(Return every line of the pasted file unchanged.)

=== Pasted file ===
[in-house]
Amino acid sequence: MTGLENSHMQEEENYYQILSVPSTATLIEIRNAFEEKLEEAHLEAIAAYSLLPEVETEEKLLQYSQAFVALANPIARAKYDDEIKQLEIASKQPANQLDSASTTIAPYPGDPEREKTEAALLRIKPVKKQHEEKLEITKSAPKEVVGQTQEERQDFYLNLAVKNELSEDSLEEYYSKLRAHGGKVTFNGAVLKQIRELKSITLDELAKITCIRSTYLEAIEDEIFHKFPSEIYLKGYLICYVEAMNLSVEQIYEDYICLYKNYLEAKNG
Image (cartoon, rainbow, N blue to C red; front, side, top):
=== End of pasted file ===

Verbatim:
[in-house]
Amino acid sequence: MTGLENSHMQEEENYYQILSVPSTATLIEIRNAFEEKLEEAHLEAIAAYSLLPEVETEEKLLQYSQAFVALANPIARAKYDDEIKQLEIASKQPANQLDSASTTIAPYPGDPEREKTEAALLRIKPVKKQHEEKLEITKSAPKEVVGQTQEERQDFYLNLAVKNELSEDSLEEYYSKLRAHGGKVTFNGAVLKQIRELKSITLDELAKITCIRSTYLEAIEDEIFHKFPSEIYLKGYLICYVEAMNLSVEQIYEDYICLYKNYLEAKNG
Image (cartoon, rainbow, N blue to C red; front, side, top):